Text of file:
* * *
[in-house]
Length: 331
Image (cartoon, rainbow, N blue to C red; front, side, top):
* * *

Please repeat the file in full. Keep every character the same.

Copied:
[in-house]
Length: 331
Image (cartoon, rainbow, N blue to C red; front, side, top):